Since moving to Portland, Oregon in 2008 I’ve been digging on emerging acts like Weinland, Blind Pilot and Blitzen Trapper. But some of top indie rocks acts in the world are also living and working in Puddletown, and their sizable ripples are being felt on coasts near and far.
Modest Mouse, The Shins, The Decemberists and Spoon are all tied to this two-rivers city in some way, and The Shins first new album in five years is on a lot of playlists right now, mine included.
The New York Times notes that with “Port of Morrow” James Mercer, 41, faces what could be his biggest challenge. “Since the Shins were last heard from he has dismissed the rest of the band and remade it as a semipermanent collective of well-traveled professionals, and also moved further away from the Shins’ scruffy origins with a tightly produced, eclectic record. Will his fans accept the changes?”
The touring version of the Shins includes the guitarist Jessica Dobson, who has played with Beck; the bassist Yuuki Matthews, of the band Crystal Skulls; Joe Plummer, the drummer in Modest Mouse; and Richard Swift, a songwriter and go-to indie producer.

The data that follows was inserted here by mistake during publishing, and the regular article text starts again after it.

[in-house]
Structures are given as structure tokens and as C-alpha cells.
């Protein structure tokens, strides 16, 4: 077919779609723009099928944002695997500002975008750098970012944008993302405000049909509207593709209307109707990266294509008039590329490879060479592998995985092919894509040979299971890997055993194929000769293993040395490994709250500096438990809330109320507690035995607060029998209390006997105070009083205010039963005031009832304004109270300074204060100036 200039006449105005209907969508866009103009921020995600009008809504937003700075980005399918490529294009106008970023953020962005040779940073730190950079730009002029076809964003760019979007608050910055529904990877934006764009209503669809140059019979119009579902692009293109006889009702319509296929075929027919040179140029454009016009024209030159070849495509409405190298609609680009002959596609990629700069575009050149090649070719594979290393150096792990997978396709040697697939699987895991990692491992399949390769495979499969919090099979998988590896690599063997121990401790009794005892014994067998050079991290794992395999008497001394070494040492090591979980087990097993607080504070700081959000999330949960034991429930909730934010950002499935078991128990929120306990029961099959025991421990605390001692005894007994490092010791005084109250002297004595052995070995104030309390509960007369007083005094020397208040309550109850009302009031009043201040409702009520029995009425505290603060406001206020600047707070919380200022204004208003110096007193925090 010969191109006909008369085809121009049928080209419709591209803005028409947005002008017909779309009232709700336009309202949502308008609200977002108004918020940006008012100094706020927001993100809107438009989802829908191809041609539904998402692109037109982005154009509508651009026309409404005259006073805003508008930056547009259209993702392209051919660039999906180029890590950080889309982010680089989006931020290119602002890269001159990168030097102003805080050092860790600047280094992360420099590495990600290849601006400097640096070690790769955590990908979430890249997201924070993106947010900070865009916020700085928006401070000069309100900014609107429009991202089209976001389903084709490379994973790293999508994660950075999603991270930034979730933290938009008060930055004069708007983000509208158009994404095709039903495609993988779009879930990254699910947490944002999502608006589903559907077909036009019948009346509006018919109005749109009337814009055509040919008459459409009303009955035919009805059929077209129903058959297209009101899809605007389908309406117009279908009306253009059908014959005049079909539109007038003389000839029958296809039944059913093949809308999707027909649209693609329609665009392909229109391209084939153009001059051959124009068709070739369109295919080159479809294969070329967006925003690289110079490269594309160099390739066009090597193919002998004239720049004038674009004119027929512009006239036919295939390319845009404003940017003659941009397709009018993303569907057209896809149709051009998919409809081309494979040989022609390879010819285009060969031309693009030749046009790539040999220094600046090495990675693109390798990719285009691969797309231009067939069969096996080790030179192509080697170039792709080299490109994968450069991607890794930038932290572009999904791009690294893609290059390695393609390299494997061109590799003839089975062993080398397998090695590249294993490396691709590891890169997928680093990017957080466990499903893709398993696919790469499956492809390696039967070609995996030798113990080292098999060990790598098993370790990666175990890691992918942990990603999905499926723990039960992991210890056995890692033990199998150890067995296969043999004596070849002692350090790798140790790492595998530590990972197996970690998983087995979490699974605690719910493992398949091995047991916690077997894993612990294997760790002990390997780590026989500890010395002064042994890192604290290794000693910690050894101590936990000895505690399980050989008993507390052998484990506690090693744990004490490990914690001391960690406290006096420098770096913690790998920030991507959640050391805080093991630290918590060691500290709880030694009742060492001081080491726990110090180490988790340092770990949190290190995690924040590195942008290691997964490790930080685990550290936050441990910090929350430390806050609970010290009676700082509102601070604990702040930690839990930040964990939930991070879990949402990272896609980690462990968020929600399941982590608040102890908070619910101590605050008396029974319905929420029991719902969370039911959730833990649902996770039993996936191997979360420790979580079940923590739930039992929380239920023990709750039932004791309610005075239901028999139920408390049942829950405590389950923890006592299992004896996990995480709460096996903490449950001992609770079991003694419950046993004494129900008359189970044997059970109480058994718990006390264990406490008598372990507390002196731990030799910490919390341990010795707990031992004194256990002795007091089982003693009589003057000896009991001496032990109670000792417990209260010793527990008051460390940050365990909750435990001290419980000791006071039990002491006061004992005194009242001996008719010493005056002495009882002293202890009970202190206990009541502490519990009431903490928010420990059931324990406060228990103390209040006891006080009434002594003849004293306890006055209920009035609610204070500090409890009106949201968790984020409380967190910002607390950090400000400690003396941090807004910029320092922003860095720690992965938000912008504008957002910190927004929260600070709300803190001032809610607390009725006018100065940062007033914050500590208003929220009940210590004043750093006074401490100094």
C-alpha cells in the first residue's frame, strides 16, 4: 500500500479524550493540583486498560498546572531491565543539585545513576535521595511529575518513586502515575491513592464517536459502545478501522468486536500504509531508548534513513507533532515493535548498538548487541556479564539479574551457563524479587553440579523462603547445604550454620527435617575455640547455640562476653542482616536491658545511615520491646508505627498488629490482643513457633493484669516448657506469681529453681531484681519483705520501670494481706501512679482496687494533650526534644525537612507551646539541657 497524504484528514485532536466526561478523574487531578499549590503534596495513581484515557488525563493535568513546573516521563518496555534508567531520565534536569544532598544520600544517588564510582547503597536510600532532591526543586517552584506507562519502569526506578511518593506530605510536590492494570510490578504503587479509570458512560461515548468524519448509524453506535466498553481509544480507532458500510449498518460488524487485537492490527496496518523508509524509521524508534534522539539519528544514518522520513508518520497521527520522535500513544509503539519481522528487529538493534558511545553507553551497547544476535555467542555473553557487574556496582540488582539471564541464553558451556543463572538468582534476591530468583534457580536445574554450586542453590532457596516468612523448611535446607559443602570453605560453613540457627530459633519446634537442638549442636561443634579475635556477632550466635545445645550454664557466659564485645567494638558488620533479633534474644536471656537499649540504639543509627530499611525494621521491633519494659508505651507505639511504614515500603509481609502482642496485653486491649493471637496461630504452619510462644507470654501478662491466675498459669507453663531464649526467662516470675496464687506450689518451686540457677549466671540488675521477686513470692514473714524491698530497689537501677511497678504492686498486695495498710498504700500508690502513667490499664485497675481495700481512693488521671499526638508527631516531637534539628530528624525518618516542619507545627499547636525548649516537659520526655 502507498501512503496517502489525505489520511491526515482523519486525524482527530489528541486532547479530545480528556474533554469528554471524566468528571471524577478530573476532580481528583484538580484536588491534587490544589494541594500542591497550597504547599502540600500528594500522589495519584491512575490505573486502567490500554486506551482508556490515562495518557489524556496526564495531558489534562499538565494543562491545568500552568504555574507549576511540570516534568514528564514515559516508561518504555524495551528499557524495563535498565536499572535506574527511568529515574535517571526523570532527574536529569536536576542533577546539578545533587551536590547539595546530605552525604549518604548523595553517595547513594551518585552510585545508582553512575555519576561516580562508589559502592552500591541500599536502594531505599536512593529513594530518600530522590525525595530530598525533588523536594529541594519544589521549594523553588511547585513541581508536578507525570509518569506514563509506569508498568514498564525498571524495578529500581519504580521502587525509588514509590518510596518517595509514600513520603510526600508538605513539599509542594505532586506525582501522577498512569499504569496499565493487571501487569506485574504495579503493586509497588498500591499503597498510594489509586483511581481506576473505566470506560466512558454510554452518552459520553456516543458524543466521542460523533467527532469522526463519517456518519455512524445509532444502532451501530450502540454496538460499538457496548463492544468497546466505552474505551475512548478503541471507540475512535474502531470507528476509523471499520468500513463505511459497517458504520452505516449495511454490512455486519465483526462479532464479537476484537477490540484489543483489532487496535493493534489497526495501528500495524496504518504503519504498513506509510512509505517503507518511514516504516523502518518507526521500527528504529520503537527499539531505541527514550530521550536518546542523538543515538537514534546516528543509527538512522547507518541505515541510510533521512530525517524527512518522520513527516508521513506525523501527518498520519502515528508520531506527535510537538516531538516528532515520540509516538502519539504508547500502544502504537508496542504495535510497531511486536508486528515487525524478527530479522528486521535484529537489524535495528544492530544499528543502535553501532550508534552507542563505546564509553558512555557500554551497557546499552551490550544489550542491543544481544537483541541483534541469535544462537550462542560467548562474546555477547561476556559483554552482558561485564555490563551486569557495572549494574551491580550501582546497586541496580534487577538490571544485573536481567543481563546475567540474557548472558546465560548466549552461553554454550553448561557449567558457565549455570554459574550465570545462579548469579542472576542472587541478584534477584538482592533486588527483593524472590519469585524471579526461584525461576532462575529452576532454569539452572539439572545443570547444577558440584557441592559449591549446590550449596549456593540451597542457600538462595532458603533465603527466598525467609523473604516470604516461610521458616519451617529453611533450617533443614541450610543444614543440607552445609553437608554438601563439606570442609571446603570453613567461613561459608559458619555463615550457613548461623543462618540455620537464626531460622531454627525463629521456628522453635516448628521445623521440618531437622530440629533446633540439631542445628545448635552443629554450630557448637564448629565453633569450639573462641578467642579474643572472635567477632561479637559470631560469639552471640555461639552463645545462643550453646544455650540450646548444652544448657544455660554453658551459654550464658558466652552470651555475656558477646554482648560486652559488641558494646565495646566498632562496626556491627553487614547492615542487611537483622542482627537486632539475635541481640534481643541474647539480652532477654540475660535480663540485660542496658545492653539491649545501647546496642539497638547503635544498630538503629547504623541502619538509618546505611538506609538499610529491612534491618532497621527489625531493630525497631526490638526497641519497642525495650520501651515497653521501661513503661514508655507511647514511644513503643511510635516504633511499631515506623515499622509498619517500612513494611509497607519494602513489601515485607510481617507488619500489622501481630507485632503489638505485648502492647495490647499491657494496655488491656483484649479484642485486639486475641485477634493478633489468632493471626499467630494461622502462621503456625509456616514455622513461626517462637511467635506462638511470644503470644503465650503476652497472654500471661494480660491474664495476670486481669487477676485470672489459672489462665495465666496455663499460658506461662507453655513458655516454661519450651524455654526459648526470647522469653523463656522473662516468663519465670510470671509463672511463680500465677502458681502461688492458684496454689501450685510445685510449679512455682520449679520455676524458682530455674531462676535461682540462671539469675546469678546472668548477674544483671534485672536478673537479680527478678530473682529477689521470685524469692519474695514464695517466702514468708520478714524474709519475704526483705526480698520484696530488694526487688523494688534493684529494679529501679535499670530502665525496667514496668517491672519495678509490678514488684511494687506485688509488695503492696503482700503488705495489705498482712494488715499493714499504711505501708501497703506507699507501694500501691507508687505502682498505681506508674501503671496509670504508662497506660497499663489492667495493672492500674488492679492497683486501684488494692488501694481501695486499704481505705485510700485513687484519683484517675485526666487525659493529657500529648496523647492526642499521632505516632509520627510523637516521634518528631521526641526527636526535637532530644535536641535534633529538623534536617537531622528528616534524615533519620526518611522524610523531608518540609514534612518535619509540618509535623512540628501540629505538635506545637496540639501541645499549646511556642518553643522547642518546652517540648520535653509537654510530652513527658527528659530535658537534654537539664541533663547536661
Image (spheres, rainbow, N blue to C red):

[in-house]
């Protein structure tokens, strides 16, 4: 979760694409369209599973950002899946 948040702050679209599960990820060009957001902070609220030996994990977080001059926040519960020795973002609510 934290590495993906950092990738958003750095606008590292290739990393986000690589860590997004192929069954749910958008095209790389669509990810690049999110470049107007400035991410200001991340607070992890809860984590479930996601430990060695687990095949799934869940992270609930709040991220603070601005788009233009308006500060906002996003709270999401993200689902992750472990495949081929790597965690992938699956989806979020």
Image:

The Times doesn’t mention anything about “Port of Morrow” reaching new fans. But I consider myself a new fan, even though I’ve been listening to “Chutes Too Marrow” for some time now.
Greg Kot of Chicago Tribune argues that the results are decidedly mixed:
Fans of the band’s relatively modest indie releases may find the production oddly sparkly, layered with keyboards, wordless harmonies, and exotic little noisemakers and ear-catching details. But Mercer’s gift for the insinuating melody remains acute, and his lyrics have never been more straight-forward.
I don’t feel that the results are mixed, but as I said, I am a relatively new fan, so I’m not carrying a cart full of indie rock baggage.
By the way, Port of Morrow, near Boardman, Oregon, contains all the industrial infrastructure you’ll need to grow your business.